Introduction Different metrics of daily levels of particulate matter were used to study the association between air pollution and primary health care visits of asthma sufferers in an area with air pollution levels well within the standard air quality guidelines.
Methods Hourly readings of ambient particulate matter (PM10, PM2.5), nitrogen dioxide (NO2), nitrogen oxide (NO), ozone (O3) and sulphur dioxide (SO2) from the Swedish Meteorological and Hydrological Institute (SMHI) from 2005 to 2010 were used. Six different metrics were created from these hourly readings: (1) daily 1-h maximum; (2) 24-h average; (3) commuting-period; (4) daytime average; (5) night-time average; and (6) the daily 8-h maximum. Outcome data were obtained from a regional health care database, covering approximately half a million people living in Malmö and neighbouring municipalities. Poisson generalised linear models were used to examine the relations between daily primary health care (PHC) visits due to asthma and air pollution metrics with different time lags.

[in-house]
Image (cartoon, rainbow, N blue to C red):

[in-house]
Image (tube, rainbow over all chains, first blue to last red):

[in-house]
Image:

Results Air pollutant levels throughout the study period remained well within the WHO air quality guidelines (PM10 daily mean of 16.4 μg/m3). A consistent relation between daily PM levels and PHC visits due to asthma was observed for all metrics. An increased risk of 11% was found with every 10-unit increase in daily mean levels of PM10. Commuting-period and daytime concentrations of PM10 were also associated with increased risks, of 10% and 9%, respectively. The increased risk was moderate for the 8-hour (8%) and night-time (7%) metrics. The lowest risk was observed for the 1-hour maximum value (3%).
Conclusions The results suggest that air pollution has adverse effects on respiratory health, even at very low concentrations. A significant variation in risk was observed during the day depending on the metric used. The results of this study highlight the need to re-assess air quality guidelines.
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